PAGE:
The growing threat of AMR
Antimicrobial resistance (AMR) is a growing threat. Understanding this threat and monitoring the spread of resistant bacteria, microbes, parasites, viruses and fungi continues to be an increasing priority for health systems and communities alike. According to the CDC, more than 2 million people in the United States alone acquire an antibiotic resistant bacterial infection, with over 23,000 deaths as a result each year. The increase of the appearance of AMR is a global issue affecting human and animal populations with very few antibiotics available to treat the most resistant infections.
Bacteria evolve and, in instances where antibiotics are used frequently, the possibility arises for a resistant bacteria to survive and flourish in the face of the medicine designed to kill it, making standard treatments ineffective. Many medical procedures, such as transplants and disease therapies, are dependent on an antibiotic’s ability to combat infections in order for overall patient health to be achieved.
In the healthcare setting, patients are increasingly susceptible to healthcare-associated infections (HAIs) often caused by antibiotic resistant pathogens. Healthcare costs are dramatically increased due to dealing with antimicrobial resistance, causing longer hospital stays and requiring more intensive care. Detection and surveillance of antibiotic-resistant bacteria is our first line of defense in preserving the effectiveness of existing medicines and protecting the lives of those most vulnerable.
Detection and surveillance of resistant bacteria is our first line of defense in preserving the effectiveness of existing medicines and protecting the lives of those most vulnerable.
Standardized phenotypic methods are often used to detect antibiotic resistance in bacteria. However, phenotypic testing can’t differentiate antibiotic resistance genes which is important for surveillance and epidemiology studies. Many laboratories will benefit from the supplementation of phenotypic testing with molecular methods that offer faster results with greater accuracy. With aims at determining the genetic mechanism for antibiotic resistance, PCR and single-isolate whole genome sequencing are increasing in popularity and availability.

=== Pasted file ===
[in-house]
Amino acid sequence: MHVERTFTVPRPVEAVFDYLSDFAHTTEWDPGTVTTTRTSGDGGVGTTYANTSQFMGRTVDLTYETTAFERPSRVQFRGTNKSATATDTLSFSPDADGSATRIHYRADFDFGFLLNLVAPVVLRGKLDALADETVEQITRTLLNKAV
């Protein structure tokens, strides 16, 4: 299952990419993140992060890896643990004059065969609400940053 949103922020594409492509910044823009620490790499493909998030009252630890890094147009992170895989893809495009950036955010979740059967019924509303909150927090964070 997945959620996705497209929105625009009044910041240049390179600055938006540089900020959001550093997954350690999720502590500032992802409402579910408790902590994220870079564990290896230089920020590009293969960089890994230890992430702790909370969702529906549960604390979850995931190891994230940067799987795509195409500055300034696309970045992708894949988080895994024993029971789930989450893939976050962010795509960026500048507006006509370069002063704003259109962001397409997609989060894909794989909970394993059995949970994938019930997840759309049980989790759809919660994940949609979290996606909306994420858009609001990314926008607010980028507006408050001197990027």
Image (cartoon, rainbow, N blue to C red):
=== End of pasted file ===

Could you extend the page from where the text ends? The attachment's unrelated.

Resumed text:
AMR is a global threat and one that will require a coordinated and collective solution. Many factors contribute to the proliferation of antibiotic resistance and it impacts all of society, from food production to healthcare administration which ultimately affects life expectancy. The CDC and the WHO are working with global leaders in order to address this issue and formulate a cohesive action plan to slow the development and spread of antimicrobial resistance. Many public health labs and hospitals in the United States are also developing surveillance programs to identify and monitor the presence of antibiotic resistant germs in accordance with these initiatives.
In order to help combat the spread of antimicrobial resistance, we developed Streck ARM-D® Kits. The kits provide a rapid molecular detection strategy for monitoring ß-lactamase antibiotic resistance to improve surveillance, aid antibiotic stewardship programs and support infection control programs. These comprehensive real-time PCR kits test for the presence of genes encoding carbapenemases, extended-spectrum ß-lactamases, plasmid-mediated ampCs and other emerging threats.
For information about our comprehensive line of antibiotic resistance detection kits and to browse webinars, talks and posters related to antimicrobial resistance, visit our resources page.
Streck ARM-D Kits are for Research Use Only. Not for use in diagnostic procedures.